From Ted Talks, to business meetings, to classrooms, many people are discussing the question of how gamification improves engagement. Whether you’re looking to apply a new learning strategy, or just curious about the subject, you’ve likely asked the question yourself. And to start the process of appropriately answering it, let’s unpack what gamification even is.

What is Gamification?

Gamification is the process of applying gaming elements into non-game contexts. It comes from the theory that people are more likely to perform better if their progress is tracked, and they have some sort of incentive or competition. Gamification is all around us. You see it when your favorite coffee shop offers you reward points every time you make a purchase. Or when your elementary school teacher used to give out candy to the highest scoring test-taker.

A successful eLearning course is built from the knowledge that learners need a high-quality experience in order to stay engaged. What this means is that doing the bare minimum simply won’t cut it. Let’s say you wanted to teach a group of people about recycling, what are your options? A fantastic course could be one that lets users play a low stakes simulation that awards badges once they’ve completed a section and compares their scores with others. This is the type of gamified learning that is sweeping the modern world. This new wave came from the theory that gameful experiences are a great way to absorb information.

The Psychology of Games

Since gamification seeks to use the positive aspects of gaming, we need to know what those are and how we can mimic them.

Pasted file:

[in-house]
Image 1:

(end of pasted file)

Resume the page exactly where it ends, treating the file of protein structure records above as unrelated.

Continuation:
Studies have shown that the human brain can be forced into a state of increased concentration, as a result of playing an immersive game. This state can make learning new concepts much easier. This fact is why you might want a recycling simulation, rather than a handout. But how do we create an experience that is able to fully immerse the user? Thankfully, researchers have already worked extensively to show us just that.

Roger Caillois stressed the importance of healthy competition when playing a game. This healthy competition needs to be challenging enough so that the user is not bored, but simple enough that they’re not overwhelmed.

Mihaly Csikszentmihalyi also gave some tips on how to make sure the user is fully absorbed.  Two of his eight steps are things that any good gamification program should take note of:

1)   Making sure there are clear goals

2)   Making sure the experience is rewarding

In order to be immersed, the user needs to know what they are doing and why they are doing it. Once these are clear, then all the neat tools of gamification are ready for action.

These tools, such as points, badges, ribbons, leaderboards, and rewards, have also been studied by researchers. All these elements rely on the brain’s want for positive reinforcement. For example, if points are awarded when a user does well at a useful task (i.e. more sales), then they can climb up the leaderboard. If they rank highly then they can be rewarded with a “sales master” badge. All these steps encourage the brain to keep going by giving boosts of dopamine. These boosts give pleasure, and so the brain wants to keep doing the task that rewarded it.

Gamification and eLearning in the Workplace